Osagyefo Kwame Nkrumah, Ghana’s first president after independence and the person most identified with the creation of the Organization of African Unity, came to disapprove of the way that certain African leaders had abandoned the African revolution. His concern was that they were failing their people by initially “checking with Washington, London and Paris before making decisions,” reported the Daily Mail.
In March “well-behaved African heads of state ... (were) rewarded by Barack Obama with a chance to meet with him in groups of four and have their picture taken with him,” reported Africasacountry.com. “It’s like meeting Beyonce, but you get to call it a state visit.”
And what made matters worse is that they just sat there with folded hands like American subjects, beaming as the president read their accomplishments. “The wider symbolism was unmistakable,” wrote Elliot Ross, “These guys, Obama is saying, work for me. African visitors (unlike other heads of state) can be received in groups, as, they’re all Africans, don’t need to be spoken to individually. Politics? Negotiations? They’re just happy to be here.”
The Brookings Institute says these selective meetings with African leaders “not only served to advance American interests in Africa, but also to tacitly communicate the administration’s expectations.”
The president said during the photo-op that the presidents of Senegal, Malawi, Sierra Leone and the prime minister from Cape Verde “exemplify the progress that we’re seeing in Africa.”
Secretary of State John Kerry revealed in April that President Obama is going to Africa. The Obama administration’s position on Africa might be a reaction to this year’s OAU/AU 50th Anniversary celebration, or better yet China’s increasingly large African footprint. No clear Africa policy has emerged during Obama’s second term.
Kerry recently let it be known that in May he plans on attending this year’s AU Summit in Addis Ababa. He also said, without giving details, that Obama also plans to go to Africa.
What is revealing is four months into Kerry’s tenure the State Department, especially its Africa Bureau, appears to still be trying to find its legs.
A large number of senior State Department positions remain vacant, including the Obama administration’s top envoy to Africa post. Ambassador Johnny Carson, assistant secretary of state for African Affairs, retired in March. The post is currently being run by Acting Assistant Secretary Don Yamamoto, a Foreign Service officer. National Security Counsel Senior Director Gayle Smith is rumored to be in the running for the top Africa post. In addition other Africa posts, including the special envoy for Sudan, remain vacant.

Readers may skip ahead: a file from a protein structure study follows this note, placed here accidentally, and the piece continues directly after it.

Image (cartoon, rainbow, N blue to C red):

ForeignPolicy.com believes Obama and his team “are determined to control it all.” He’s obviously not going to give Kerry the same controls over the State Department that he succumbed to giving Hillary Clinton. “The Cable” blog, which appears on ForeignPolicy.com, included a piece titled “Nobody home at the State Department,” which suggests the “process to fill (senior State Dept. positions) seems indefinitely stalled.”
Whatever this means it doesn’t bode well for developing a cohesive African policy. In March Obama excluded Nigeria, one of Africa’s most influential nation states—also the continent’s most populous—from attending the White House summit. The slight was Obama’s way of registering his displeasure over the recent pardon granted embattled former Bayelsa State Governor D.S.P. Alamieyeseigha.
This was done in face of the fact that, not only does Section 175 of Nigeria’s constitution allow a presidential pardon, but the Council of State advised the president “to grant him (a pardon).” Alamieyeseigha was convicted of stealing and laundering public funds. Not only did he return the stolen funds, according to the Nigerian Vanguard, he also “pleaded guilty and served out his eight year (prison) term.”
Obama’s slight to Nigeria and African leaders falling over themselves for a White House invitation speaks to a divided Africa and to an Africa unwilling or unable to police its own affairs.
Nation of Islam leader Minister Louis Farrakhan addressing 19 African heads of state at the 1993 African African-American Summit in Gabon stated, “We don’t think like free men.” “We go to the capitals of America and Europe, like paupers, (too) weak to demand or ask for what unjust regimes will never give,” he said.
Nkrumah, in his seminal work “Neo-colonialism the last stage of imperialism,” explained how so-called independent states are controlled by outside powers. “The essence of neo-colonialism is that the state which is subject to it is, in theory, independent and has all the outward trappings of international sovereignty. In reality, its economic system and thus its political policy is directed from outside.”
Unless Africa develops its potential power through a unified continent, as advocated by Nkrumah, and gains control of its natural resources, Min. Farrakhan warned, “We will never achieve what we desire for our people … We have the pomp and circumstances of real power, but beneath it there is no real substance.”